Somalia severed diplomatic ties with neighboring Kenya on Tuesday, accusing it of meddling in politics when protests and shootings erupted in the capital Mogadishu following late elections.
The dispute could undermine cooperation in the fight against the Islamist group al Shabaab in Somalia, where Kenya is providing 3,600 troops to a peacekeeping force in the African Union.
“Somalia is recalling all its diplomats from Kenya and ordering Kenyan diplomats to leave Somalia within seven days,” Somali Information Minister Osman Dube told the state news agency.
Dube added in a statement read on Radio Mogadishu that Nairobi was disturbing, but did not give further details.
“This is a response to the constant political insult and Kenya’s open interference in Somalia’s independence,” he said.
The Kenyan government did not respond immediately.
Mogadishu’s move following a two-day visit to Kenya by Muse Bihi Abdi, president of Somalia’s break-in region in Somaliland, which ended on Monday.
During the visit, Abdi and Kenyan President Uhuru Kenyatta promised “an unwavering commitment to deepen the cordial bilateral relations” between Kenya and Somaliland, according to a statement from the Kenyan presidency.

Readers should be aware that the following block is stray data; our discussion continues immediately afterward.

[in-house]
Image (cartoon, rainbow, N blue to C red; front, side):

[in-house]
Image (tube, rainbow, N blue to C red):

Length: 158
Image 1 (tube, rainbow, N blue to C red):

Mogadishu regards Somaliland as an integral part of Somalia.
Last month, Somalia expelled Nairobi’s ambassador and recalled its own envoy after alleged involvement in the electoral process in Jubbaland.
Jubbaland, which borders Kenya, is one of Somalia’s five semi-autonomous states.
Last year, Kenya recalled its ambassador after Mogadishu decided to auction controversial oil and gas exploration blocks at sea. The ties were restored a few months later.
Shooting in Mogadishu
The diplomatic outcry erupted when protests against the government broke out in Mogadishu. Protesters condemned President Mohamed Abdullahi Mohamed – commonly known by his nickname “Farmaajo” (cheese) – over delayed votes for both houses of parliament.
The votes were to take place at the beginning of this month but were hooked by disagreements over the composition of the election board.
The opposition accuses the government of having packed it with sympathizers, which officials deny.
“We do not want a dictator, we do not want Farmaajo,” hundreds of protesters chanted, begging him to stop. Some bare placards with “Farmaajo is a curse” written on them.
Armed men in plain clothes guarded the protesters but soon began exchanging shots with the police, causing the protesters to spin for safety. A witness, Halima Farah, told Reuters she saw two people injured.
There was no immediate response from the government to the protests.